Disjunction elimination

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Disjunction elimination
TypeRule of inference
FieldPropositional calculus
StatementIf a statement implies a statement and a statement also implies , then if either or is true, then has to be true.
Symbolic statement

In propositional logic, disjunction elimination[1][2] (sometimes named proof by cases, case analysis, or or elimination), is the valid argument form and rule of inference that allows one to eliminate a disjunctive statement from a logical proof. It is the inference that if a statement implies a statement and a statement also implies , then if either or is true, then has to be true. The reasoning is simple: since at least one of the statements P and R is true, and since either of them would be sufficient to entail Q, Q is certainly true.

An example in English:

If I'm inside, I have my wallet on me.
If I'm outside, I have my wallet on me.
It is true that either I'm inside or I'm outside.
Therefore, I have my wallet on me.

It is the rule can be stated as:

where the rule is that whenever instances of "", and "" and "" appear on lines of a proof, "" can be placed on a subsequent line.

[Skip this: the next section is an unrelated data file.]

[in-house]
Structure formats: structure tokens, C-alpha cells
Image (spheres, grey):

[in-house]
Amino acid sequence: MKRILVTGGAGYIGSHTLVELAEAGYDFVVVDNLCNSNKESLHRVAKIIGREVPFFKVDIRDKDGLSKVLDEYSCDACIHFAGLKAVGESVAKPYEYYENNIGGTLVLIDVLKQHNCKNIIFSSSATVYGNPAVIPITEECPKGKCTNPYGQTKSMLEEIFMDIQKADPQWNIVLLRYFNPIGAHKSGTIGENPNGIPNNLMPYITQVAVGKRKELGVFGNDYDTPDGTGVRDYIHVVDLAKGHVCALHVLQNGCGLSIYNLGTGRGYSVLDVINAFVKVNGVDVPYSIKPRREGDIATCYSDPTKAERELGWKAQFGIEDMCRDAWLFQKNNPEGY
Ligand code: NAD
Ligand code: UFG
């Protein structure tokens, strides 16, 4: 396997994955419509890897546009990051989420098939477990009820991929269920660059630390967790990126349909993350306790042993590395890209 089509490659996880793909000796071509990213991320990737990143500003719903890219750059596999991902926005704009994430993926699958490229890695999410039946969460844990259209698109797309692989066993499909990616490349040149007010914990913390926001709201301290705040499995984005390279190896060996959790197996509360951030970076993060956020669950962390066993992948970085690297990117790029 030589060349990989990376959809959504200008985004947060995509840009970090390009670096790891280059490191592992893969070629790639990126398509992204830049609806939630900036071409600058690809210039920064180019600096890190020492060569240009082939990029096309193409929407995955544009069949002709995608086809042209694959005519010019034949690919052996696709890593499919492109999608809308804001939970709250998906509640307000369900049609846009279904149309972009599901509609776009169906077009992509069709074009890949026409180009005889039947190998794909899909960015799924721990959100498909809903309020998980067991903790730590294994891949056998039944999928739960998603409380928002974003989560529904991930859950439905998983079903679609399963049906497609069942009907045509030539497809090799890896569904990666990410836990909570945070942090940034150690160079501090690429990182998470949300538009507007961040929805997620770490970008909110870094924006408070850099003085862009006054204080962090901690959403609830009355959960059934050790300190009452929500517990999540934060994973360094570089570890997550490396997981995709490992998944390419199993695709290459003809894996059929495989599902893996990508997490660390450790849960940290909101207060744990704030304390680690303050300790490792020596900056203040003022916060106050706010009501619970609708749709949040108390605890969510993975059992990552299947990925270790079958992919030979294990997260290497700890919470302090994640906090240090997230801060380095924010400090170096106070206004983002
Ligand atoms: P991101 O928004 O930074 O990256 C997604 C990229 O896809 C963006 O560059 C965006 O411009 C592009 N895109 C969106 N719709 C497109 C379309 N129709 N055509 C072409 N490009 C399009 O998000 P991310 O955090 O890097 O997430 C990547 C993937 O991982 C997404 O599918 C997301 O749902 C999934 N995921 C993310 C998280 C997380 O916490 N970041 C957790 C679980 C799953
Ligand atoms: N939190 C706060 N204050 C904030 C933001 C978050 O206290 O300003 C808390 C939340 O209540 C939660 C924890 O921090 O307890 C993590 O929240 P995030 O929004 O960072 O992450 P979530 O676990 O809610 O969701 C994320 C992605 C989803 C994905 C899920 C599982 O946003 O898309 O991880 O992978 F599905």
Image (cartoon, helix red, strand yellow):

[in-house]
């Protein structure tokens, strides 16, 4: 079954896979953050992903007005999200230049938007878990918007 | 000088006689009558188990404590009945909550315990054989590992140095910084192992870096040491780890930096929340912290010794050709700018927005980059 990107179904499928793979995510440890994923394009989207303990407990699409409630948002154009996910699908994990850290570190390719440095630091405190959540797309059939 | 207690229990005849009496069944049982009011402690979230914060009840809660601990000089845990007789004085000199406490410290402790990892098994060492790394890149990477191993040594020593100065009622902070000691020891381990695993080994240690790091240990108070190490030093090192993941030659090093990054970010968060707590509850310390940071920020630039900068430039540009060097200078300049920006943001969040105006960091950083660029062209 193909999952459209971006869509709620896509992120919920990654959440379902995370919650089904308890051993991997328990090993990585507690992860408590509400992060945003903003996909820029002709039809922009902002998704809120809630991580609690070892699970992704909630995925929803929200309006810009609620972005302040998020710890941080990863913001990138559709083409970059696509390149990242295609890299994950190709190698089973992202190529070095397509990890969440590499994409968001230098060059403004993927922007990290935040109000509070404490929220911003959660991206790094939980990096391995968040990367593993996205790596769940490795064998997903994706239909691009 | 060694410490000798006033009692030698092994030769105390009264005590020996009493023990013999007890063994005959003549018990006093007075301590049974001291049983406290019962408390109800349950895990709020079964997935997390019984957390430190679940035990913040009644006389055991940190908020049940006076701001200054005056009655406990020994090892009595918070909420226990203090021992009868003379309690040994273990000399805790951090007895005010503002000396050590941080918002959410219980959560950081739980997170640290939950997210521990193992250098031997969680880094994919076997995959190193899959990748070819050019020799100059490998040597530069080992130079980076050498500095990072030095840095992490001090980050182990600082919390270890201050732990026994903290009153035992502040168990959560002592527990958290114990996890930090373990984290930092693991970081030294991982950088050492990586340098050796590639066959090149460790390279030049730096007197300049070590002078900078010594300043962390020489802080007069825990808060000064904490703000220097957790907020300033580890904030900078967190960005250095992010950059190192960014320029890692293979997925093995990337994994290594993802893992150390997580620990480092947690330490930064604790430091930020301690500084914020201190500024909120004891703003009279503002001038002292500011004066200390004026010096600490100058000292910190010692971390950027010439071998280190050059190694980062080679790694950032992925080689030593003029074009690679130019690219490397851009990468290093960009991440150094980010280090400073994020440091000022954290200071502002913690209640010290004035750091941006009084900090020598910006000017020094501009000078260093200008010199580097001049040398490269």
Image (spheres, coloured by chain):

Formal notation[edit]

The disjunction elimination rule may be written in sequent notation:

where is a metalogical symbol meaning that is a syntactic consequence of , and and in some logical system;

and expressed as a truth-functional tautology or theorem of propositional logic:

where , , and are propositions expressed in some formal system.

Proof [1][edit]

This rule can be derived from constructive dilemma.

Step Proposition Derivation
1 Given
2 Given
3 Given
4 Conjunction introduction (1,2)
5 Constructive dilemma (4,3)
6 Idempotent law (5)

See also[edit]

References[edit]

  1. ^ "Archived copy". Archived from the original on 2015-04-18. Retrieved 2015-04-09.{{cite web}}: CS1 maint: archived copy as title (link)
  2. ^ "Proof by cases". Archived from the original on 2002-03-07.